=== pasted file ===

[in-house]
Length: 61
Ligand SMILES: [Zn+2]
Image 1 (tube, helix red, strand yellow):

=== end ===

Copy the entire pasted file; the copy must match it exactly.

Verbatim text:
[in-house]
Length: 61
Ligand SMILES: [Zn+2]
Image 1 (tube, helix red, strand yellow):